I linked to this Wall Street Journal Article over on my (personal) facebook page, and made the following comment: I don’t know which is more insulting to the teenage reader, this article about how they need to be protected from harshness, or the fact that it is accompanied by a list of books ‘for boys’ and books ‘for girls’. It (also) stuns me that this reviewer doesn’t fully acknowledge the time when children moved straight from children’s fic to adult fic. I clearly remember girls wandering around my primary school reading Harold Robbins and Jackie Collins. Those who gravitated to fantasy and horror went straight to adult fantasy and horror (I went straight to Stephen King and Ray Bradbury etc) Kids will read what draws them, and the YA books today are a reflection of that diversity of tastes. At least they are mostly written with some sort of focus on teenhood and the stresses/consequences of teen life (as opposed to the adult books we used to read)
If you ask me this is nothing more than a case of ‘if it can be controlled, it must be controlled.’
The conversation that this generated on my facebook page is too interesting not to share so here it is:
John: The world is full of people who feel that moral rectitude is something that has to be imposed on people through tight control of behaviour and the material you are permitted to think with. They lack trust in what’s inherently good in human nature and are afraid of what’s bad but in us all anyway.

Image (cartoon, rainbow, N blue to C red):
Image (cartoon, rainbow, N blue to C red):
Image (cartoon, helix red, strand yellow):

Marleen: There used to be very little if any YA material available when we were that age, although I seem to remember the Dutch being better at that than the English languages countries apparently were. I did read some books about teenagers getting pregnant, drugs and shock-horror even sex and violence, and my parents actively encouraged me reading them. They seemed to think that it would be good for me to know about the world and the issues I might come up against. Strange thing for parents to do, prepare their kids for the less nice sides of life…..
Anna: There’s no shame in acknowledging the darkness in life in books for young people; there’s plenty of it around and it’s a spectrum, not a binary thing. Also, it can be a good way to broach topics not arising spontaneously in a household.
However, as a bookseller from 2002-2009, I did see, loosely grouped, three major trends take off in YA literature: the resurgence of magic, a la Harry Potter; themes of vampires and other paranormal creatures, usually with a emo-romance element; and powerful social dystopias. All with some absolute gems as well as some less first-rate stuff. Unfortunately though, these were so commercially dominant that they squeezed out equally well-crafted and worthy contenders in terms of bookshop space, and it became apparent that we the booksellers needed to have, at the least, a mental list of quality reads for young adults that fit into none of the above categories – because both they and parents specifically asked for such books. Ultimately, the reader will determine by themselves, by trial and error, what feeds and satisfies them, and our responsibility is to provide that variety on the shelves, listen well and keep the love affair with books alive.